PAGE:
I’m no lawyer, nor do I play one on this blog, but how stupid do you have to be to see the law (“secret ballot“) and think that it means anything more than a person has the right to a secret ballot.

That if they don’t want it to be secret, it’s up to them and falls under free speech.

What is it with Eaton, reading things into laws that aren’t there (see those underlined links above and gosh darn it, when is a county attorney worth his salary going to file felony charges against Jake Eaton for (at minimum) swearing out a false affidavit and (at maximum) fraudulently interfered with a federal election? What is the statute of limitations on this crime.

Is there not one county attorney for any of the counties affected that respects the integrity of the electoral process enough to take steps that would send a message to political whore operatives like Jake Eaton that you can’t screw with elections?

{breath}

I am serious about that though.

{breath}

Back to Jake Eaton and his tea party activist cohort Jennifer Olsen: How much of a nanny-state government interference do they want? How “small-government” can these Einstein’s be if they’re going to file complaints based on their lack of reading comprehension or common sense.

Someone needs to teach these fools what a real election violation looks like.

By CFS

Twitter and Facebook are increasingly becoming a part of people’s daily life and when it comes to politics, social media is an indispensable tool for organization, spreading information, and connecting people of like-minded attitudes.  But few politicians are actually making good use of these new tools.  Rather sadly, many politicians are using the tools to their own detriment or are simply using them to insulate and shut out criticism.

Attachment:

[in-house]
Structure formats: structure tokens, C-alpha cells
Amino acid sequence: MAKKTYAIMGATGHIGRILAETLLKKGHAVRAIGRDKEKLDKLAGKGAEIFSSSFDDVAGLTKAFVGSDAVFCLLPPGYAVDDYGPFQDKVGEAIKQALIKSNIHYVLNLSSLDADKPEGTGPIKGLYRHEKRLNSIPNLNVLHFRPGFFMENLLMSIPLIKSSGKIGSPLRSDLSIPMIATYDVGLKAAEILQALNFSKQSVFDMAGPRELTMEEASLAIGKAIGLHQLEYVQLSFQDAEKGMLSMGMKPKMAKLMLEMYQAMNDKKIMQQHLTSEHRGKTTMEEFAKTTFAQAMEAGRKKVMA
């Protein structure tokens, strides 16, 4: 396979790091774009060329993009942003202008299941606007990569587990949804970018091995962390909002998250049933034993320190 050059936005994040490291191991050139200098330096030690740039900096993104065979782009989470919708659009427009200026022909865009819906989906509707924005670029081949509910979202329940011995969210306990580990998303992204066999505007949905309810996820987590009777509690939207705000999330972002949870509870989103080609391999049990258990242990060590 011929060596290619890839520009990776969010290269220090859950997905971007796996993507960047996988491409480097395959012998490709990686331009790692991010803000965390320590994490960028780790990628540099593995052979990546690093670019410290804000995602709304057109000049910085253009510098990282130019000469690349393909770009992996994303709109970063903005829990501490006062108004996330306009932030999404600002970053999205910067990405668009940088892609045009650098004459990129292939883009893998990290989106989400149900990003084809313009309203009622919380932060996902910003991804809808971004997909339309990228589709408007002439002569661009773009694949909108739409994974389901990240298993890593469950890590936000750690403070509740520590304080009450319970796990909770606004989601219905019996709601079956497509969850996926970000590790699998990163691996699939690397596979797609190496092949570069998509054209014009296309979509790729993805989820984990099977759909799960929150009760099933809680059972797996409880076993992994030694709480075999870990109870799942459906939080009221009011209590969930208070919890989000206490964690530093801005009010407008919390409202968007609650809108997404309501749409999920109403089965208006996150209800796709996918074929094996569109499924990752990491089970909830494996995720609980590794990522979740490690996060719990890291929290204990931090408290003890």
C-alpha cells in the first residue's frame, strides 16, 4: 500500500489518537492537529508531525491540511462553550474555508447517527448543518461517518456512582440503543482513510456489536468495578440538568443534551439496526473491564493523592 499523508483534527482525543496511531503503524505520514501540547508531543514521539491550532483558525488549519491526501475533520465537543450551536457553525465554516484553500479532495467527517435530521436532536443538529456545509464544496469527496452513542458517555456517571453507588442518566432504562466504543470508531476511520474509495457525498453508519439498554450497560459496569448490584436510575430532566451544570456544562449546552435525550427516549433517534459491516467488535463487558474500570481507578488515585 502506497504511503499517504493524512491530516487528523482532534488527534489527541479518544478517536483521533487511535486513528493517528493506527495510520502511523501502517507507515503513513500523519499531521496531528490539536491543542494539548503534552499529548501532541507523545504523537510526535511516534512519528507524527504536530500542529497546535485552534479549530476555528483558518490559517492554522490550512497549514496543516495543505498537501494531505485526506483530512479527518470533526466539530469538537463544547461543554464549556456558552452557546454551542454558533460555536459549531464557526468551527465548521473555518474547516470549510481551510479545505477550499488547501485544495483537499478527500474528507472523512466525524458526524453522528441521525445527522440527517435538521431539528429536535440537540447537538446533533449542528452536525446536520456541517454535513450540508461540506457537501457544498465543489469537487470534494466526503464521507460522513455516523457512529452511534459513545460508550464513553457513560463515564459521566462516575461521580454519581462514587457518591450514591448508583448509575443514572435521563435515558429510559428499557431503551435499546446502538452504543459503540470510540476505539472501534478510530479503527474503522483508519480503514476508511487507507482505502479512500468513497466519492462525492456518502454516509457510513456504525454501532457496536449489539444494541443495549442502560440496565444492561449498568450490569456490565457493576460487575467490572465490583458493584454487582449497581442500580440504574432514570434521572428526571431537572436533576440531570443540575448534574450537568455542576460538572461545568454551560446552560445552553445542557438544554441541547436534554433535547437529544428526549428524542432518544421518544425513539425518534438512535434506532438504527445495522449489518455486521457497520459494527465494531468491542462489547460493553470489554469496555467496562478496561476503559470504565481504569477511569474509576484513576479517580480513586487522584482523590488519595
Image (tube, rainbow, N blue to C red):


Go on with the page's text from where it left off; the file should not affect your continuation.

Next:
Here in Montana, politicians are beginning their primary pushes which means the long process of building a support network and raising funds, and in today’s age that means using twitter and Facebook to directly connect with as many people across the state as possible.  But so far this cycle our would-be political representatives seem a bit clueless.

Here are my suggestions of how our crop of Montana politicians can use social media effectively:

  1. Engage, engage, engage.  If you are using Twitter as a repository of press release like boring links, don’t even bother… I’m looking your way @DennyRehberg.  Twitter is a continuous conversation, be part of it, open your ears, and actually have a back and forth.
  2. Get rid of the staff.  I know social media can be a time-suck, but it is disingenuous to represent yourself on twitter and have a staff be the one tweeting.  If its overwhelming, have two accounts, one for the campaign run by a staffer, and a personal account that is solely yours.